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Volume 8, issue 2
Atmos. Chem. Phys., 8, 141–158, 2008
https://doi.org/10.5194/acp-8-141-2008
© Author(s) 2008. This work is licensed under
the Creative Commons Attribution-NonCommercial-ShareAlike 2.5 License.
Atmos. Chem. Phys., 8, 141–158, 2008
https://doi.org/10.5194/acp-8-141-2008
© Author(s) 2008. This work is licensed under
the Creative Commons Attribution-NonCommercial-ShareAlike 2.5 License.

  15 Jan 2008

15 Jan 2008

Modeling the impact of sub-grid scale emission variability on upper-air concentration

S. Galmarini1, J.-F. Vinuesa1, and A. Martilli2 S. Galmarini et al.
  • 1European Commission – DG Joint Research Centre, Institute for Environment and Sustainability, 21020 Ispra, Italy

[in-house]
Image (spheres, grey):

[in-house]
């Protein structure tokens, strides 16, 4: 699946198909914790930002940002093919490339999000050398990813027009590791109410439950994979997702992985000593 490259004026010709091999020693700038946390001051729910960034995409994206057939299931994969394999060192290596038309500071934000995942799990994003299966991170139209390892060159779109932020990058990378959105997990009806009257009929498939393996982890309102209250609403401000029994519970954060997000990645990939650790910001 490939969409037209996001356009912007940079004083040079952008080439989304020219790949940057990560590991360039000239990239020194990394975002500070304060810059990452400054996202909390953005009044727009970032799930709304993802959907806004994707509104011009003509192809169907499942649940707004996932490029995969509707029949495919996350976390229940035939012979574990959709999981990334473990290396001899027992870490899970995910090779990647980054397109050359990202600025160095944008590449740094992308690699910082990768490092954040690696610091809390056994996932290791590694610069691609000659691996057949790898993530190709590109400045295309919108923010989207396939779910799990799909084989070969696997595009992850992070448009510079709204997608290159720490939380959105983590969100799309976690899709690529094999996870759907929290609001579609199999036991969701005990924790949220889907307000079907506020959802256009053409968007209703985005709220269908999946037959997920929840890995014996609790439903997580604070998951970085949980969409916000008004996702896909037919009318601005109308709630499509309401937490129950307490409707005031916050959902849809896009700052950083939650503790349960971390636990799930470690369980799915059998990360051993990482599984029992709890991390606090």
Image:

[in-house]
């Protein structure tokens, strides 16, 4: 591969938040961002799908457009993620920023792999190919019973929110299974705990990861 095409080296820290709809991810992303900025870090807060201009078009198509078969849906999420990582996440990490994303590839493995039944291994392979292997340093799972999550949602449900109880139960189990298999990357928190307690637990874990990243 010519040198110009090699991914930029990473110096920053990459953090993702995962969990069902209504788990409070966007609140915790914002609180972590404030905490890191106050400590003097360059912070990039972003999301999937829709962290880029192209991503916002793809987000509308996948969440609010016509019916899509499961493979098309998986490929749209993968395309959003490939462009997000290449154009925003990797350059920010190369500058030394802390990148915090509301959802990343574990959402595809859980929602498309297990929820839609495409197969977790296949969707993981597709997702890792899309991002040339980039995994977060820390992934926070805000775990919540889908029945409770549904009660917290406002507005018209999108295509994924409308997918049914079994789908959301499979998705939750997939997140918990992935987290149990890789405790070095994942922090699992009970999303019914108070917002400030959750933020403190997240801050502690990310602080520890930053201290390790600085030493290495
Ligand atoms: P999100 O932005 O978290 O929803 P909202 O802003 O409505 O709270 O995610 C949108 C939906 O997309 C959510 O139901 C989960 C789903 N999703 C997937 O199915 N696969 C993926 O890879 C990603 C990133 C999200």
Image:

• 2CIEMAT, Madrid, Spain

Abstract. The long standing issue of sub-grid emission heterogeneity and its influence to upper air concentration is addressed here and a subgrid model proposed. The founding concept of the approach is the assumption that average emission act as source terms of average concentration, emission fluctuations are source for the concentration variance. The model is based on the derivation of the sub-grid contribution of emission and the use of the concentration variance equation to transport it in the atmospheric boundary layer. The model has been implemented in an existing mesoscale model and the results compared with Large-Eddy Simulation data for ad-hoc simulation devised to test specifically the parametrization. The results show an excellent agreement of the models. For the first time a time evolving error bar reproducing the sub-grid scale heterogeneity of the emissions and the way in which it affects the concentration has been shown. The concentration variance is presented as an extra attribute to better define the mean concentrations in a Reynolds-average model. The model has applications from meso to global scale and that go beyond air quality.

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